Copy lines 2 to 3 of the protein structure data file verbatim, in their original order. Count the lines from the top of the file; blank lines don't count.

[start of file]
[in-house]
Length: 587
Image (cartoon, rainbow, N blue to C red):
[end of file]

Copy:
Length: 587
Image (cartoon, rainbow, N blue to C red):